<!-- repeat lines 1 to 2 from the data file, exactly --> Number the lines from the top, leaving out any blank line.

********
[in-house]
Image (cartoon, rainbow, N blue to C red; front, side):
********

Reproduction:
[in-house]
Image (cartoon, rainbow, N blue to C red; front, side):